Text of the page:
In other words, the Galstonian statement seems like a perfectly appropriate bit of political rhetoric in a society in which (for example) a brief gap in one’s health inusrance coverage can leave someone uninsurable and exposed to health/financial disaster. That the rhetoric isn’t precisely philosophically accurate needn’t be a major concern.
In comments, LP and geo requested a post about this subject. My purpose is not to make the case; I’m a poor candidate for such a task as I’m not persuaded. In the current debate between Scott and Paul I’m largely in agreement with Scott. But some commenters in recent judicial review threads have expressed some skepticism that a non-wingnut or progressive case against JR would be made. This isn’t terribly surprising, as this argument is largely absent from popular political discourse, even when, as now, Republican appointees increasingly dominate federal courts.
Nevertheless, the case has been made and made seriously, and has certainly scored some hits. While there may be more, I see three general sources of arguments against JR. It’s also important because taking these ideas seriously helps protect against status quo bias.
1) Legal Theory. A number of well-known legal scholars have made substantial arguments against JR, from what appears to be a vaguely populist-left perspective. This trend includes Larry Kramer’s The People Themselves and Mark Tushnet’s Taking the Constitution Away from the Courts, and a few others I can’t recall at the moment. I’ve never given these books more than a quick skim, and I suspect Scott, Paul, and a few dozen of our regular commenters would be better suited to discuss them, so I’ll simply note their existence and move on.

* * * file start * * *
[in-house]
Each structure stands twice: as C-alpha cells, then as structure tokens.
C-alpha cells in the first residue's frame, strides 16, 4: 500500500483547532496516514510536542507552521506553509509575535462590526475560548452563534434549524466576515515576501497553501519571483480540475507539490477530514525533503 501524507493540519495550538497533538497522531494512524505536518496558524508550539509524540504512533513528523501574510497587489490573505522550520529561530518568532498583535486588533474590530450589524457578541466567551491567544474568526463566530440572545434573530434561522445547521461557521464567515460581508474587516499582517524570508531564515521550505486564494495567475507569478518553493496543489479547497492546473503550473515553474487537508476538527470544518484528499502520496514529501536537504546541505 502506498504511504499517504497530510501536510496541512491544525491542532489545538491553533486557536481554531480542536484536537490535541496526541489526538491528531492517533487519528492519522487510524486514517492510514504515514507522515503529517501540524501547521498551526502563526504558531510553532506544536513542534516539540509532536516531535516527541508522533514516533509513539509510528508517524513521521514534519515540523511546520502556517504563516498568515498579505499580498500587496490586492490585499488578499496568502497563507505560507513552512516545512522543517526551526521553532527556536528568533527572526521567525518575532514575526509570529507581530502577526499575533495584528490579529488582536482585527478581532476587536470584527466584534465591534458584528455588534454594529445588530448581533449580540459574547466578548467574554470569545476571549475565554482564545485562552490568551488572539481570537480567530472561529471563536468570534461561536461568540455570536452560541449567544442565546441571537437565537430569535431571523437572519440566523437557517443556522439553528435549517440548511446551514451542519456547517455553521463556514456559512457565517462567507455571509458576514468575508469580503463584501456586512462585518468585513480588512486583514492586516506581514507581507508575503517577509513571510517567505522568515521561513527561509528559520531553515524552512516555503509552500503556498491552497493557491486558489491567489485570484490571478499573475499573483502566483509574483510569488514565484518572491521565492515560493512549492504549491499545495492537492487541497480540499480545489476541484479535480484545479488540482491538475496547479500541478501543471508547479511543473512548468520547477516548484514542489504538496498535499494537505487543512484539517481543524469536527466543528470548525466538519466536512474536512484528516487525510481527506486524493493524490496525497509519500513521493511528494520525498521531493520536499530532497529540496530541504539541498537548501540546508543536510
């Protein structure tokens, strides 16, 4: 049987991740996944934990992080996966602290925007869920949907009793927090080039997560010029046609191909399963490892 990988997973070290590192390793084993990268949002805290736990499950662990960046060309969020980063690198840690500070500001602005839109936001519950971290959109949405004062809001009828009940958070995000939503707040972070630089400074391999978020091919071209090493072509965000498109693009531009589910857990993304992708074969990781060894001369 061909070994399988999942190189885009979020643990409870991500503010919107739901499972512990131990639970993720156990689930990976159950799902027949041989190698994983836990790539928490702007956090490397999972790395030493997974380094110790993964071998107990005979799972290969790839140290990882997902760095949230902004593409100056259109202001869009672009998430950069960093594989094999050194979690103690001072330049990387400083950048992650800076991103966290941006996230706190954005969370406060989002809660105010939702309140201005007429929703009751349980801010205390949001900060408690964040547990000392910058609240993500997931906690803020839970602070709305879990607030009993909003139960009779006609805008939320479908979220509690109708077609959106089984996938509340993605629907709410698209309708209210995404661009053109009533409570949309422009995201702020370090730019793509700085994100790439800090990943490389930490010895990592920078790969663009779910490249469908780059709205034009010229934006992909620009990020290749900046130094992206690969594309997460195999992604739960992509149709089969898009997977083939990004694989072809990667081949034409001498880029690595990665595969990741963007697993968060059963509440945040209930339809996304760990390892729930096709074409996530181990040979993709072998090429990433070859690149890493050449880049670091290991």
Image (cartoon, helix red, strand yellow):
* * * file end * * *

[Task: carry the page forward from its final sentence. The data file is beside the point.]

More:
2) Political Theory. A number of democratic theorists have taken positions that lead them to be suspicious or hostile to the practice of judicial review. One area you see some of this is in some of the more Rousseauian corners of communitarian thought, as part of the more general critique of “rights talk” as the central term in political life. More interestingly, at least to me, are the cases against judicial review made more recently by Jeremy Waldron and Richard Bellamy. Waldron argues that constitutional judicial review violates the equal right to political participation in Law and Disagreement, and presents his positive case for legislative supremacy in The Dignity of Legislation. His arguments about judicial review have been expanded and extended in numerous writings in the last decade, but happily he’s provided a nice summary in his 2006 article, The Core of the Case Against Judicial Review, which is available online to all. Waldron makes his case broadly against judicial review of legislative acts (see below for a discussion of a possible exception) but has no problem with judicial review of the constitutionality of executive actions. Waldron argues that even if there’s broad agreement on rights, the interpretation and implementation of said rights are the stuff of political disagreement, which is the very essence of democratic political life. In order for the equal right to political participation to have meaning, these decisions should not be outsourced to alleged specialists (who, Waldron notes, often resort to majority decision, the same method the rest of us use to settle such disputes). Waldron’s case suffers from a number of problems. One Scott has noted repeatedly, treating judicial review as ‘special’ or ‘deviant’ when there’s a tremendous number of powerful countermajoritarian institutions in democratic societies. Furthermore, he tends to consider judicial review in its flawed reality, but considers legislative decision-making in a sort of theoretical-ideal form that conforms more or less ideally to majority decision procedures. Oddly, though, at the end of The Core of the Case, he concedes that his critics have some serious plausibility in the case of the rights of ‘discrete and insular minorities’. He concludes with some pretty unpersuasive efforts to minimize this admission. Bellamy has a bit more consistent of a case as his argument for democratic constitutionalism rules out both judicial review and a permanent written constitution. Again, although for slightly different reasons than Waldron, I think Bellamy falters when he considers the relationship between his ideal theory (a republican society that exercises popular constitutionalism following norms of non-domination and political equality) and a more non-ideal account. He argues that instead of judicial review we should democratically craft constitutional rules, and we (the people) should have equal political resources in doing so. Once that proviso is attached, it seems we’re in a realm of ideal theory that has little to say to actually existing practice.